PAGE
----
Equal Employment Opportunity Commission Issues Updated Guidance on COVID-19 Vaccination Policies

Equal Employment Opportunity Commission Issues Updated Guidance on COVID-19 Vaccination Policies

June 23, 2021

Source: Saiber Employment Law Alert

With vaccination rates for COVID-19 increasing, and more places of employment removing restrictions, the Equal Employment Opportunity Commission (EEOC) recently issued guidance regarding COVID-19 vaccination policies in the workplace.

The EEOC has advised that federal laws do not prevent an employer from requiring all employees physically entering the workplace to be vaccinated for COVID-19, as long as employers comply with the reasonable accommodation provisions of the Americans with Disabilities Act (ADA), Title VII of the Civil Rights Act of 1964 and other equal employment opportunity laws and requirements.  The EEOC notes that other laws, such as state and local laws, may place additional restrictions on employers. 

Reasonable Accommodations Under the ADA and Title VII

In evaluating the merits of a mandatory vaccination policy, employers should keep in mind that an employee may request a reasonable accommodation from such a requirement based on a protected medical reason or bona fide religious belief.  Typically, an employer may not deny an employee’s request for a reasonable accommodation unless it would impose an undue hardship on the employer.  Factors to consider when making the determination of undue hardship include the proportion of employees in the workplace who are vaccinated against COVID-19 and the amount of contact the employee will likely have with others whose vaccination status is unknown.  Employers may rely on CDC recommendations when deciding whether an effective accommodation is available that would not pose an undue hardship under the ADA.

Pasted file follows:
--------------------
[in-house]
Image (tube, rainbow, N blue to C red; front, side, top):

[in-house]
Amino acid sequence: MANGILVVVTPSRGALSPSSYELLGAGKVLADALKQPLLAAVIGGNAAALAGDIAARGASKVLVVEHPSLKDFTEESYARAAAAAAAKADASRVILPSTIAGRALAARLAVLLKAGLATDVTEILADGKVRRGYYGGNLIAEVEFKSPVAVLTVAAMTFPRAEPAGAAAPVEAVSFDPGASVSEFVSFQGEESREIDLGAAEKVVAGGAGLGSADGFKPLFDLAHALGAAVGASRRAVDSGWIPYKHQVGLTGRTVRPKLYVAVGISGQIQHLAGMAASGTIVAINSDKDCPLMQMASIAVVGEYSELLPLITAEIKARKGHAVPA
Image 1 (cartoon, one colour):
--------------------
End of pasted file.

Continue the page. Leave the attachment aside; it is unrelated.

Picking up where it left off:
When an employer receives a request for an accommodation, it must participate in the interactive process with the employee. Some example of a reasonable accommodation may be to require the unvaccinated employee to wear a face mask in the workplace, work at a social distance from coworkers or non-employees, work a modified shift, get periodic tests for COVID-19, telework, and/or be reassigned to an alternate position. 

Under the ADA, an employer may require an individual with a disability to meet a qualification standard applied to all employees, such as a safety-related standard requiring the COVID-19 vaccination, if the standard is job-related and consistent with business necessity.  If a particular employee cannot meet such a safety-related qualification standard because of a disability, the employer may not require compliance for that employee unless it can demonstrate that the individual would pose a “direct threat” to the health or safety of the employee or others in the workplace.  A “direct threat” is a “significant risk of substantial harm” that cannot be eliminated or reduced by reasonable accommodation. 

There are several factors which must be considered to determine whether the employee would pose a “direct threat.” An employer first must make an individualized assessment of the employee’s present ability to safely perform the essential functions of the job by considering:  (1) the duration of the risk; (2) the nature and severity of the potential harm; (3) the likelihood that the potential harm will occur; and (4) the imminence of the potential harm.